Division V of the Federal Court of Appeals in Administrative Matters maintained that upon filing an information request with the Public Registry of Commerce, it is not necessary to invoke a “legitimate interest”. In addition, Division A of the Commercial Court of Appeals reminded of the importance of having access to information on a company’s legal domicile registered with the Public Registry of Commerce.
As from June 2012, the Public Registry of Commerce (“PRC”), the agency in charge of the Public Registry of Commerce of the City of Buenos Aires, has changed the requirements to grant access to information, files or comments to proceedings under its jurisdiction. It is now necessary to evidence being an interested party, its attorney-in-fact, legal advisor or previously authorized agent. In the case of registered acts, a “legitimate interest” must be evidenced to process the application. Furthermore, the PRC has restricted access to the information provided on its official website - in order to access information on the status of a proceeding, its number must be provided (searches by company name, or company file number are no longer admissible). The PRC construes that the information contained in its registries constitutes a personal information database, subject to the provisions of Law No. 25,326 (Personal Data Protection Law) and related rules.
The PRC based these restrictions on access to information on Legal Opinion N° 7/2012, of March 16, 2012, issued by the National Office for Personal Data Protection (Dirección Nacional de Protección de Datos Personales -“DNPDP”, after its Spanish name-).
In its legal opinion the DNPDP concluded that, although the information to be provided by the PRC qualifies as “information subject to public access”, “considering that not all the personal information recorded in a public registry can be disclosed or delivered by the mere fact of its being part of a public database, the entity subject of the request must verify the viability of granting, through the mechanisms foreseen by the PRC, the information corresponding to the mentioned companies and verify the existence of a legitimate interest in order to grant more information on the same.” Furthermore, in its legal opinion, the DNPDP includes a narrow construction of the term “legitimate interest.”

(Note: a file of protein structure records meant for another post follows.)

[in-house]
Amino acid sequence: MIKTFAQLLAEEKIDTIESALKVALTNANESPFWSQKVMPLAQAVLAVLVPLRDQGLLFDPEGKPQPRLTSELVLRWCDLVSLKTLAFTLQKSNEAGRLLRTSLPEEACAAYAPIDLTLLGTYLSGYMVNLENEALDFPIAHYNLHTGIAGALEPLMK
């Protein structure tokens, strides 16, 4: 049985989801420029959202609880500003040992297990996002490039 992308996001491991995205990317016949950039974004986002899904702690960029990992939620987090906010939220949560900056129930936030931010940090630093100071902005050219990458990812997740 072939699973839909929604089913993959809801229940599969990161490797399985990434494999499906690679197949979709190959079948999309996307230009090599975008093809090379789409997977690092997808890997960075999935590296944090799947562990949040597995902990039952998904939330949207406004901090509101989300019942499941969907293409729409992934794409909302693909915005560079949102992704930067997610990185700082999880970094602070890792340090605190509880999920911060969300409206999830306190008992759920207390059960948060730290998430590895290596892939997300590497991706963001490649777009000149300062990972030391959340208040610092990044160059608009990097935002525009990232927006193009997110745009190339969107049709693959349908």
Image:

- Brief summary of court decision “Gil Lavedra Ricardo Rodolfo vs. Federal Government, Ministry of Justice and Human Rights – Public Registry of Commerce, on summary proceeding aimed at the protection of constitutional rights (amparo) Law No. 16,986”
In this context, on June 19, 2013, Division V of Federal Court of Appeals in Administrative Matters, in re: “Gil Lavedra Ricardo Rodolfo vs. Federal Government, Ministry of Justice and Human Rights – Public Registry of Commerce on summary proceeding aimed at the protection of constitutional rights (amparo) Law No. 16,986”, referred to the viability of requesting information contained in the PRC’s registries, with no need to invoke a “legitimate interest.”
The plaintiff, National Congress member Ricardo Gil Lavedra, filed a summary proceeding (amparo) aiming at obtaining a court order to cause the PRC to provide him with information on certain companies (requests of February 17, 2012, and March 30, 2012, that were never answered by the PRC).
As set forth in the court decision, the request of information to the PRC concerned two issues: a) confirmation on whether any kind of investigation was carried out regarding purported irregularities in the incorporation and transactions of certain companies, and in such case, provide copies of the proceedings or explain the reasons whereby the PRC decided not to intervene; and b) to inform if the companies were registered, in what character, provide copy of their by-laws, detail of the composition of government and surveillance bodies, shareholders, domiciles and other relevant data.
Such requests of information were based on the right of access to public information, as per Decree No. 1172/2003, constitutional rules and international conventions. The PRC’s lack of response to the information request motivated the presentation of the summary proceeding (amparo) that was considered by the Court of Appeals after it was rejected by the lower court judge.
In its decision, the Court admitted the appeal filed by the plaintiff and revoked the lower court judge ruling, declaring the legitimacy of the plaintiff and the viability of the action.